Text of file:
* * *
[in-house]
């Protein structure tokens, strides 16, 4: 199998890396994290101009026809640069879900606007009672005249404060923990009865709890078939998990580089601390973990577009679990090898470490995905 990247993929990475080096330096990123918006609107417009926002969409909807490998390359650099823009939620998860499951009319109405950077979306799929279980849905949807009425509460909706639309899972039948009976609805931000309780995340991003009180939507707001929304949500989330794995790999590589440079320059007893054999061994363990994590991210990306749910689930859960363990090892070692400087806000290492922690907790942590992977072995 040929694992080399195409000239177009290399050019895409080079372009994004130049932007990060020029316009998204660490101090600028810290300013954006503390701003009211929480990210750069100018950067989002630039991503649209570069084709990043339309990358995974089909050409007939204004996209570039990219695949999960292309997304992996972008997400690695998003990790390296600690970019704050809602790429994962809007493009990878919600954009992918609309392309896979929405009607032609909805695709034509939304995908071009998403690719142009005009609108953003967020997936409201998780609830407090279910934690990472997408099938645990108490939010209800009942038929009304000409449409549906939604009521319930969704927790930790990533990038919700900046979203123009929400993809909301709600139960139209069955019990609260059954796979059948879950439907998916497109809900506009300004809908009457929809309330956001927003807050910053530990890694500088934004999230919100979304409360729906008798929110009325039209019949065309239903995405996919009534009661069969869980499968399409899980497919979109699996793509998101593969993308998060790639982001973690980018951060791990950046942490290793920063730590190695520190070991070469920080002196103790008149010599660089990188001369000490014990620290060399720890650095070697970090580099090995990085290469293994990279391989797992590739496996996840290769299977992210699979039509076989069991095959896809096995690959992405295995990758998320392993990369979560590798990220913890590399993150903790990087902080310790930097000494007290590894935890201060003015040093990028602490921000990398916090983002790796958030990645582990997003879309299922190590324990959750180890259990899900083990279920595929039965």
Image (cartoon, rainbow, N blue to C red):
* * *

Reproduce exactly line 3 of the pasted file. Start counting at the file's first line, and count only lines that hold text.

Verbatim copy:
Image (cartoon, rainbow, N blue to C red):